The great advances in electronics during World War II were finally available to consumers and industry in the late 1940s. These included television, FM radio, tape recording, Hi-Fi audio. Industry saw advanced test equipment, early computers, and improved communication systems. The two leading technical radio magazines changed their names to reflect this. In 1948 Radio-Craft became Radio-Electronics and Radio News became Radio & Television News (August 1948). It was shortened to Radio & TV News in May 1957. Both magazines had covered similar topics but Radio-Electronics emphasized repair and service while Radio & Television News emphasized design and engineering.

William Ziff Sr. died of a heart attack in December 1953.[6] His 23 year old son, William B. Ziff, Jr., was a philosophy student at the University of Heidelberg but he immersed himself into the magazine business.[7] In 1957, William Ziff, Jr. bought out Davis' minority share. Bernard G. Davis and his son, Joel, formed Davis Publications in August 1957.[8] They acquired Mercury Publications, Inc which published Ellery Queen's Mystery Magazine and Science & Mechanics Publishing which published Radio-TV Experimenter magazine. Science & Mechanics magazine was started by Hugo Gernsback in 1929 and stayed in print until 1972.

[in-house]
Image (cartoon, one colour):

Electronics World[edit]

Radio News became Electronics World in 1959.

Ziff-Davis Publishing would develop two categories of magazines; the professional magazine such as Radio & Television News and the leisure time magazines like Popular Photography. In October 1954, Popular Electronics was created for the hobbyist market. It became the largest selling electronics magazine, 250,000 copies per month by 1957 and 450,000 copies by 1965. Initially Oliver Read was the editor of both Radio & Television News and Popular Electronics. Soon Oliver P. Ferrell took over as editor of Popular Electronics and Wm. A. Stocklin as editor of Radio & Television News.